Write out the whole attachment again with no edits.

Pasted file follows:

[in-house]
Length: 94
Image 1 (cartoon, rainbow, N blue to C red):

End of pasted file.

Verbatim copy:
[in-house]
Length: 94
Image 1 (cartoon, rainbow, N blue to C red):